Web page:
I know no one is filming this, but sometimes I like to stare out of my window for too long anyway, I like to imagine that you’re standing on the sidewalk below it and craning your neck and begging can I come upstairs, please? Whenever the bell rings I hold my breath — just for a second — just to imagine that when I twist the lock and turn the knob and open the door you’ll be standing on the other side of it for no reason. You, the male lead — not a deliveryman, not a roommate of mine who’s misplaced her key.
And just when I think we’re reading from two different scripts, our hands meet blindly, neatly. They clasp without hesitation, never questioning for a second that they’re where they belong — these knuckles and joints and nails. I like to inspect the way our fingers lace, searching for the formula or the equation that explains how seamlessly they fit together. And when you catch me studying this marriage of skin, I wish you would suspend reality and look at me like someone has whispered stage directions in your ear: chin up, hand on cheek, smile with your eyes.
But there’s no stagehand feeding me my lines, so I often pause when I’m speaking to you for dramatic effect, as though I’m afraid or nervous or unsure of these sentences I’m stringing together. As though I could forget what I want to say — if only forgetting my lines were that easy. I pretend it’s difficult to tell you how I feel even though the words come naturally as my own name. It’s not difficult at all; this is the easy part.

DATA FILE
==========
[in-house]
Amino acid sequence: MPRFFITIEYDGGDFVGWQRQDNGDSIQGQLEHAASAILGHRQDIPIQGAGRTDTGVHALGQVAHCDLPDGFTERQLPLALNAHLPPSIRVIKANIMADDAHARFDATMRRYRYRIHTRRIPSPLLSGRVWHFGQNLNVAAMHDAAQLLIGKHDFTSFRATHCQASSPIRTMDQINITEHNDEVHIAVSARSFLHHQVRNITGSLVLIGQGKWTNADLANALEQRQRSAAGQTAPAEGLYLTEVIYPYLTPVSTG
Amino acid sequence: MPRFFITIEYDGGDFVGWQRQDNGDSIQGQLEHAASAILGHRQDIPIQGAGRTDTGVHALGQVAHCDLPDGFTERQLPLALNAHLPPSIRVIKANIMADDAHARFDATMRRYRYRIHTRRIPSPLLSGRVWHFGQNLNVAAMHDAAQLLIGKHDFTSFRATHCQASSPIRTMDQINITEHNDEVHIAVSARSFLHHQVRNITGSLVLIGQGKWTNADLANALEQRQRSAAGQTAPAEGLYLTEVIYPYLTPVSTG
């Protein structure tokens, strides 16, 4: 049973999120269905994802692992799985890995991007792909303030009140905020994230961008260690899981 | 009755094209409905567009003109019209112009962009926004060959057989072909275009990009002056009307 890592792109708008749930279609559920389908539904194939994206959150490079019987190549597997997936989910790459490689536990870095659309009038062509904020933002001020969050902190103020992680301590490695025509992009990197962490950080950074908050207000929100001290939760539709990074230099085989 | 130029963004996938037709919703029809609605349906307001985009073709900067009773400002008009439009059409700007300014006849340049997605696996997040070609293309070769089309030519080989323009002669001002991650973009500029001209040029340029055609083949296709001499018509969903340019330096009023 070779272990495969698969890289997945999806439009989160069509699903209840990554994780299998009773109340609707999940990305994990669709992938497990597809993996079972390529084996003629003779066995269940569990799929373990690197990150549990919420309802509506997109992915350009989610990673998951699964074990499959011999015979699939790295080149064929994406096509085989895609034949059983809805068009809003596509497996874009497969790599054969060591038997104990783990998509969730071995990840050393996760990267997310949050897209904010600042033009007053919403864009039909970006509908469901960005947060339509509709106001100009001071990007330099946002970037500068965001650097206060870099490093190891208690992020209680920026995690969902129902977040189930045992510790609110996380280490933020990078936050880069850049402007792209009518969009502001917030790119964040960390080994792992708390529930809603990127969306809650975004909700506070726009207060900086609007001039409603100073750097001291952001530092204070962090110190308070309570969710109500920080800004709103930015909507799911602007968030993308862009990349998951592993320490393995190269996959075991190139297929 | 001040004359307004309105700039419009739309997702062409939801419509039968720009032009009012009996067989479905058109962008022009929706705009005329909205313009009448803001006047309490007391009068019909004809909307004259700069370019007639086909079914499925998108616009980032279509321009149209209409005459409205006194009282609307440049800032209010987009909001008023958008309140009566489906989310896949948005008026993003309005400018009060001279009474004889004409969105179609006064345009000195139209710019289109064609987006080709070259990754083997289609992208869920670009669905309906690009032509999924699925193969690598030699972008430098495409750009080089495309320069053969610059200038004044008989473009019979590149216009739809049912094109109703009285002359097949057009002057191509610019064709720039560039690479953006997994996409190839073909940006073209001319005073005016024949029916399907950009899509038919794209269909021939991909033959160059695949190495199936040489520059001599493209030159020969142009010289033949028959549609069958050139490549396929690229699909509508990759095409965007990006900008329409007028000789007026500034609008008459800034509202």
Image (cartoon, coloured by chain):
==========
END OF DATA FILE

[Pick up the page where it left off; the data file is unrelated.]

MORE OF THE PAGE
The difficult part is trying to keep this role I’ve carved for myself, this role I’ve studied and auditioned for and earned. There are accidents and understudies, women who await in the wings, just as capable as I am except younger and tauter and hungrier for this thing than you’ve allowed me to be. I don’t know their names but I know they exist, dormant reminders that I can’t play this part forever.
I’m well aware that we are not stars in some black and white film, that I will not sit on a train with my open palm pressed against glass waiting for yours to match it. I will not look back as I move further and further away from you, shrinking into the distance; and you will not run after me when I make my final exit. When this scene ends, no one will applaud.